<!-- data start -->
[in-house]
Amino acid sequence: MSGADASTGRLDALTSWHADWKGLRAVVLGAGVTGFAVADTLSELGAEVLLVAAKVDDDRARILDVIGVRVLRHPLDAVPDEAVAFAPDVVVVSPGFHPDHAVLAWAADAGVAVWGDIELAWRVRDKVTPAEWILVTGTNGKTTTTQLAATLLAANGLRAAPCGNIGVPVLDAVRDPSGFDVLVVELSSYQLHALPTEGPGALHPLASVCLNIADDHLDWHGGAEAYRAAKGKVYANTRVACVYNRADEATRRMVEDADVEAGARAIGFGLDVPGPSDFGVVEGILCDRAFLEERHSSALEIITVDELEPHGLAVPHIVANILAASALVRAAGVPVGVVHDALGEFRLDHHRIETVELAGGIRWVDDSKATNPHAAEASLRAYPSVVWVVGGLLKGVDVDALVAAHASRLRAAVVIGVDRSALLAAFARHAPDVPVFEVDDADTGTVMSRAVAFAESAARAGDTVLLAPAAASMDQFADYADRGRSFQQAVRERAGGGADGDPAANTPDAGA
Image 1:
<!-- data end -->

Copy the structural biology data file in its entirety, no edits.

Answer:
[in-house]
Amino acid sequence: MSGADASTGRLDALTSWHADWKGLRAVVLGAGVTGFAVADTLSELGAEVLLVAAKVDDDRARILDVIGVRVLRHPLDAVPDEAVAFAPDVVVVSPGFHPDHAVLAWAADAGVAVWGDIELAWRVRDKVTPAEWILVTGTNGKTTTTQLAATLLAANGLRAAPCGNIGVPVLDAVRDPSGFDVLVVELSSYQLHALPTEGPGALHPLASVCLNIADDHLDWHGGAEAYRAAKGKVYANTRVACVYNRADEATRRMVEDADVEAGARAIGFGLDVPGPSDFGVVEGILCDRAFLEERHSSALEIITVDELEPHGLAVPHIVANILAASALVRAAGVPVGVVHDALGEFRLDHHRIETVELAGGIRWVDDSKATNPHAAEASLRAYPSVVWVVGGLLKGVDVDALVAAHASRLRAAVVIGVDRSALLAAFARHAPDVPVFEVDDADTGTVMSRAVAFAESAARAGDTVLLAPAAASMDQFADYADRGRSFQQAVRERAGGGADGDPAANTPDAGA
Image 1: